In the Castle of My Skin Characters

  • Last updated on December 10, 2021

First published: 1953

Type of work: Novel

Type of plot: Bildungsroman

Time of work: The mid-1930’s to the mid-1940’s

Locale: Creighton’s Village, Barbados

Characters DiscussedG.

G., In the Castle of My Skina young Barbadian boy who is the narrator and protagonist. He is eight years old at the opening of the novel, which spans the subsequent nine years of his life. He tells the story of his childhood, which was spent in a small village (the fictitious Creighton’s Village) in Barbados, where he attends the local school with his friends. Unlike his friends, he wins a scholarship to go to high school. After he has been graduated from high school, he goes to Trinidad to become a teacher in a small school for Venezuelan and other South American students. The novel ends on the eve of his departure to Trinidad. G. is a sensitive and imaginative child whose developing consciousness also records an important part of the history of Creighton’s Village and Barbados.

G.’s mother

G.’s mother, portrayed by G. as a person who is as capable of laughter as she is of wielding a whip to “roast his tail.” She is a capable woman who rears her son single-handedly and works hard to give him his education.


Pa, the father figure of the village. He is the repository of village history and is revered by all the villagers. He apparently earned some money in his youth in Panama, but in the novel he is quite poor. He sells his house after his wife’s death and, at the end of the novel, is preparing to move into the Alms House, knowing well that he does not have much longer to live.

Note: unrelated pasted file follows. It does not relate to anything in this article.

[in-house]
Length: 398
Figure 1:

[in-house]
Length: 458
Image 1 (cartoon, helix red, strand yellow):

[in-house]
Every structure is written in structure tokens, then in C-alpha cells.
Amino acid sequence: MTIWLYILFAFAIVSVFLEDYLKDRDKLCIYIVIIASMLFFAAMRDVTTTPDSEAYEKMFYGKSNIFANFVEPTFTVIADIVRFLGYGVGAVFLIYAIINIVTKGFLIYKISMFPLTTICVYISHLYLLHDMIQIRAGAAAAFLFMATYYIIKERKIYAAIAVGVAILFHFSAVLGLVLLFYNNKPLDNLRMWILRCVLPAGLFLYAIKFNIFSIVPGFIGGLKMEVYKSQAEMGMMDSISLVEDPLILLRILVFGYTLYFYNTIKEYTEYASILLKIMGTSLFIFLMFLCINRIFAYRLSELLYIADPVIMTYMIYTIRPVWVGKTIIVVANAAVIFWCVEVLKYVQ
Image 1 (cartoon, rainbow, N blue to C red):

Ma, his wife. She is described as balding and wearing a white cloth on her head. She is an intuitive person who is filled with foreboding at the future of Creighton’s Village. Significantly, she dies at the end of the riots.

Mr. Creighton

Mr. Creighton, the landlord who owns the village. During the course of the novel, he loses his authority to Mr. Slime. Mr. Creighton figures prominently in the riot scene, when the striking workers from the city come into the village and prepare to attack him. He walks alone through the streets of the village, fully aware of the impending danger; he is saved by the opportune arrival of Mr. Slime, whose mere presence saves Mr. Creighton’s life.

Mr. Slime

Mr. Slime, the village schoolteacher, an entrepreneur, and ultimately the person with the most power in the village. In the beginning, he teaches fifth grade in G.’s school, but he is forced to resign because of his liaison with the wife of the head teacher. He founds the Friendly Society and Penny Bank, which ultimately help him to take control of the economics of the village. He is simultaneously feared and revered by the villagers.


Trumper, one of G.’s childhood friends. He goes to America, discovers the music of Paul Robeson, and is brought to an awareness of his racial identity. He tries to impart this newfound sense of identity to G. when he returns to Barbados.

Boy Blue

Boy Blue, another childhood friend of G. He participates in G.’s childhood adventures, along with Trumper and Bob. He eventually joins the police force in the village.


Bob, the fourth member of the quartet of children featured in the novel. He figures prominently in the riot scene when he accidentally strays into the city during the riot and returns to the village with eyewitness reports of the bloodshed in the city. He also grows up to be a policeman.